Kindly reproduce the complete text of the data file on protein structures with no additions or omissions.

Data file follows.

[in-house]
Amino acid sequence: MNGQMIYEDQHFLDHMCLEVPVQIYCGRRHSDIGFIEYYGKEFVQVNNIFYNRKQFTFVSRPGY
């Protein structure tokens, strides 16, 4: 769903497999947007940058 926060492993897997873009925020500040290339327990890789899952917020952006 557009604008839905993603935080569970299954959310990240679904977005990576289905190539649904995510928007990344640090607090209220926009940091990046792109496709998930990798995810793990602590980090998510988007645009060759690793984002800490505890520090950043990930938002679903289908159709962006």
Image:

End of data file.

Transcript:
[in-house]
Amino acid sequence: MNGQMIYEDQHFLDHMCLEVPVQIYCGRRHSDIGFIEYYGKEFVQVNNIFYNRKQFTFVSRPGY
């Protein structure tokens, strides 16, 4: 769903497999947007940058 926060492993897997873009925020500040290339327990890789899952917020952006 557009604008839905993603935080569970299954959310990240679904977005990576289905190539649904995510928007990344640090607090209220926009940091990046792109496709998930990798995810793990602590980090998510988007645009060759690793984002800490505890520090950043990930938002679903289908159709962006």
Image: